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Teens looking for summer work may think “side hustles” and social media are the only ways to make money.
“What we hear from a lot of young people is that they'd rather try to start a business than have traditional jobs,” says Ed Grocholski, chief marketing officer of Junior Achievement USA, an organization that helps young people prepare for career success.
It’s easy to see why teens are excited. Social media influencers appear to be cashing in on their images and hobbies, and side hustle culture makes it look more feasible than ever to market and sell a product or service. But what teens might not realize is that early entrepreneurial endeavors usually take time to take off. Put another way, they don’t provide steady pay.
But traditional jobs do, and for teenagers looking to eventually be their own boss online or off, such in-person work can lay beneficial groundwork. Here are some options for working-age teens and what lessons they could learn on the job.
A positive attitude can lead to learning and earning
Restaurants remain a quintessential employer of students on break.
“We have more than 1.9 million teens on payrolls in restaurants,” says Michelle Korsmo, president and chief executive officer of the National Restaurant Association.
It’s an excellent training ground for young people, she says. From food safety and customer service to problem-solving and time management, employees who want to be challenged will be.
Korsmo says opportunity or need can arise quickly. That could mean moving from host to server or chef to fill an opening, or volunteering to pick up trash in the parking lot when nobody else will.
“Say ‘yes,’ have a great attitude, be willing to learn,” she says. “It doesn't take very long before you gain in responsibilities and in ability to make more money.”
That kind of spirited attitude could be the difference between success and failure for the teen later trying to build a following on social media or start a business.
Leaning on others takes the pressure off of just you
While a side hustle can be a solitary experience, businesses that hire teens — like the local pool, car wash or grocery store — bring people together.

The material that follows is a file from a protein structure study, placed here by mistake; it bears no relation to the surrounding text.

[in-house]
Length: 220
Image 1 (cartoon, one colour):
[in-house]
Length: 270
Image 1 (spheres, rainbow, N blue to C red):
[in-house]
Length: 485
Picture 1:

Dan Horan manages a Wegmans grocery store in Pittsford, New York. He says the young people who come to work for him get a sense for the scale of the operation.
“It takes 650 people to put this place together every single day,” he says. “There’s a lot of teamwork involved in what we do.”
Horan describes the store’s staff as a support system of workers depending on one another and feeling comfortable to raise their hand for help.
“We’re here for what people have going on inside and outside of work,” he says. “It’s a safe place to go.”
Social interaction is good for development and business
Young workers will find communication in the workplace is an essential and organic experience.
The in-person interaction is more important since the pandemic, Grocholski says. “Being around people, being in a team environment builds an entire skill set that frankly is kind of by the wayside, and is really critical for young people to achieve their potential.”
Aagna Patel, a former Junior Achievement member and now a college student in Texas, went to work as an accounting intern at a manufacturing firm in Houston the summer after her senior year of high school. She saw it as an opportunity to learn from the life experience of her teammates.
Patel's colleagues ranged in age from 30 to over 60. “You learn from every single person around you, whether that's just from their experience or their experience with their family and kids, or their actual work career experience,” she says.
The communication skills could come in handy for future customers.
Patel, who would like to be her own boss someday, says you learn how to be a people person and approachable. “I think that's really important as an entrepreneur because you never know where there is an opportunity.”
Hard work pays off, literally
A regular paycheck can feel like freedom to a teen. Kids who skip the day job and try to start with something not so steady may delay the financial gratification.
Patel says her first paycheck sparked gratitude. “It really reminds you that your parents, or whoever is providing in your household, they really do have to work a lot to bring money to the table and to be able to provide you with all of the things that you have,” she says.
Horan says he sees teen workers figure out how to balance time and money. “We have a lot of kids that want to pick up more hours and get more hours because they're saving for something that's important to them.”
Parents can help teens in getting their first paychecks by encouraging them to open a checking account and explore a debit or credit card. It’s never too early to have “the talk.” You know, the one about spending less than you make and avoiding costly credit card interest. It’s a lesson parents can provide teens, along with the reassurance that a traditional summer job now doesn’t mean they can’t monetize their hobby later.